1. This site uses cookies. By continuing to use this site, you are agreeing to our use of cookies. Learn More.

Where to get Linux source code?

Discussion in 'Linux / Unix Discussion' started by tech291083, Sep 9, 2006.

  1. tech291083

    tech291083 Bit Poster


    i have just started learning linux with a recent installation of fedora 5. i am wondering if some one can tell me more about how linux source code is managed and by who. how one can download it and modify it. what is the approximate number of programmers involved in developing it around the world. who checks the developed code by community and who checks for bugs etc. thanks. i hope it is not a stupid question and i apolosize if i have posted the question in a wrong forum. every body using windows knows about its development and marketing ie the company microsoft behind it all, but people like me would surely like to have a bit of info on how linux is managed and developed etc. thanks my friends.
  2. hbroomhall

    hbroomhall Petabyte Poster Gold Member

    This is a big subject. First - exactly how/who etc depends on the distro. And there is a lot of cross-fertilization between the distros.

    In terms of numbers of people - probably in the hundreds of thousands or more - but there is no way of doing a count.

    Strictly - Linux really means the core kernal itself, and AFAIK Linus still controls that. But many think of Linux as more than that, and include all the GNU stuff and other contributed packages.

    Certifications: ECDL A+ Network+ i-Net+
    WIP: Server+
  3. Sandy

    Sandy Ex-Member



    By the people who's distro it is.

    it is sat on your PC all you need to do is VI the file or use your favorite editor. Yes you can modify it. We do it all the time.

    I've no idea how many "offical" programmers there are but everybody can do it. We all report bugs and stuff.

    The only stupid question is one that is not asked.
  4. ffreeloader

    ffreeloader Terabyte Poster

    Well, this isn't true in most cases. Yes, the source code is on all machines for the scripts installed on that machine, but not for the installed binaries. The only Linux distro that I know of that compiles all apps from source code on the local machine is Gentoo, so they are the only distro I know of on which it's most likely possible to find the source code for all software on the machine by default. Most distro's install only the binaries when you install software from their reposititories using their package management tools, but it's also possible to download the source code for everything right down to the kernel for all software except for things like Nvidia and ATI drivers, programs like Adobe Reader, Skype, etc... that are proprietary software written for Linux.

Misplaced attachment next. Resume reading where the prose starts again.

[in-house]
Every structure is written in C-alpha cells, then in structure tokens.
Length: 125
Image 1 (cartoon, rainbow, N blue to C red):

As to the source code itself each distro has it's own developers, but they mainly make sure the software will run in their distro. They aren't, many times anyway, the actual developer who wrote the software to begin with and who maintains the original code. These developers are called the "upstream" developers who are the ones that add features, patch vulnerabilities, etc... to the program itself such as the Firefox developers.

    Take, for instance, Firefox, as released by Debian. It has some changes made to the source code so that it will abide by Debian rules. Then it is compiled and a .deb file is created using the binary created from compilation. That's what is installed on a Debian box when Firefox is installed. If you want the source code for Firefox you have to install that separately.

    It's a misunderstanding of the GPL to say that all source code is on a Linux machine. The GPL says that source code has to be freely available if you're distributing binaries from that source code, not that the source code must be distributed at the same time as the binaries are.
    Certifications: MCSE, MCDBA, CCNA, A+
    WIP: LPIC 1

Share This Page